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Why a 30-year bond is tough to justify

Many home buyers are faced with the predicament of short-term relief versus long-term financial benefit. This is especially true when the bank offers a 20-year loan repayment term or one over 30 years. On the surface, however, the monthly benefit really does not justify the additional interest paid over the extra 10 years.

In fact, according to Adrian Goslett, regional director and CEO of RE/MAX of Southern Africa, over 30 years buyers will pay around 8.3% less on their bond each month but will end up paying 64% more interest than they would on a 20-year bond term.

“If a buyer purchases a home for R1m at prime, which is currently 10.5%, on a 20-year bond term, the repayments will be R9,984,” says Goslett. “If the buyer makes no additional payments into their bond account and pays the minimum instalment over the 240-month term, they will pay back a total of R2, 396,112, of which R1,396,112 is interest.

“If the buyer purchased the same property over a 30-year bond term, their monthly bond repayment would be R9,147. Again, if they made no other payments other than the monthly instalments, they would have paid back a total of R3,293,061. In this instance the interest paid over the term of the loan is R896,949 more.”

A question of making ends meettime-up

Home prices have seen an upward trajectory over the past few decades, while salaries have not followed suit, says Goslett, noting that getting into the property market has become more difficult for younger generations, which is why many buyers tend to choose a longer-term bond option.

“Affordability is an issue for many South Africans who are forced to find ways to cut down on repayments to get by; however it comes at a cost over the long term,” he says. “If the money saved on the monthly repayment is used to pay off other short-term debt or is spent on an interest-bearing investment with a higher return than the additional interest paid on the longer bond term, it might be a worthwhile endeavour. However, if the money is spent on consumables each month, the buyer will be in a far worse financial position in the long run.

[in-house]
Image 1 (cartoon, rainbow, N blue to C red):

“Prospective buyers might be convinced to opt for a 30-year bond due to the perceived short-term gain, but the accumulative effect of the additional 10-year period should be carefully considered before any final decision is taken. It is imperative that the pros and cons are carefully weighed up and an informed decision is made.”

Two easy (and one not-so-easy) ways to kill the interest on your bond


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  • Tatenda 18th September 2016

    Insightful. Most folk who opt for 30 year bonds are borrowing right at their limit to satisfy buying something that they like.A way around it would be to opt for a thirty year bond then pay it off as if you took a 20 year one or even less. This will have two distinct advantages. In times when one does not have as much cash to pay the monthly instalment, there is the option to pay less without falling foul of the loan agreement-with a 20 year bond, one is locked in a fixed high instalment. The second advantage is that by paying extra into the bond, depending on the loan agreement, one can have access to the ‘extra’ funds if one gets to an emergency. All this requires a reasonable amount of discipline which is not too onerous for the average borrower.